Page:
PhD in Anthropology
Our PhD program focuses on three subfields: archaeology, biological anthropology, and sociocultural anthropology. We prepare students for a position as a college or university-level researcher and/or teacher, or for an advanced non-academic research position.
A master’s degree is not required for admission, and students with a bachelor’s or master’s degree are welcome to apply.
Are we the right PhD program for you?
Brown Bag Series
All graduate students are encouraged to attend their weekly subfield brown bag or reading group.
The program you choose should have faculty with expertise in the area (both theoretical and geographical) in which you intend to concentrate. One way to assess your match with our department is to read through our faculty profiles or by looking through the research specialties and themes that our program emphasizes.
Additionally, since the PhD requires a minor field of study we encourage you to explore faculty research areas and topics in other related departments at the University.
Students are expected to take two core seminars in anthropological theory. In addition, students are expected to become familiar with a range of topics within sociocultural anthropology. This can be fulfilled by taking at least two graduate-level seminars on topics outside your area of specialization.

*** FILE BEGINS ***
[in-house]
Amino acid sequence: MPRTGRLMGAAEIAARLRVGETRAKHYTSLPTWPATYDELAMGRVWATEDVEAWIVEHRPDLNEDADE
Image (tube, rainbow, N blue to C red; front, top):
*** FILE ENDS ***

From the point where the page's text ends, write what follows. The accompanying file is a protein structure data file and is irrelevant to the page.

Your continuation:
Students are also required to take the core methods seminar that covers topics such as fieldwork techniques, conceptualizing research, research proposal writing, and ethics in sociocultural anthropology. The core theory seminars and the methods seminar are taught in alternate years. Students may also conduct independent study or directed reading courses with individual faculty.
For more information about this program, see chapter 3 of our graduate student handbook.
In our biological anthropology program we offer training and research opportunities in two main areas: paleoanthropology and behavioral biology. We prepare students for academic positions as researchers and teachers, and also for advanced, non-academic research positions in the public and private sectors. The behavioral ecology specialty involves the study of the behavior and ecology of living primate species, including humans, through field studies and the analysis of long-term data.
For more information about this program, see chapter 5 of our graduate student handbook.
The program in archaeology offers training and research opportunities in the use of anthropological theories and interpretive strategies in the reconstruction of historic and prehistoric pasts based on material culture, the application of faunal and lithic analysis to questions in paleoecology and evolutionary theory, and the application of archaeological science to the reconstruction of site formation.
For more information about this program, see chapter 4 of our graduate student handbook.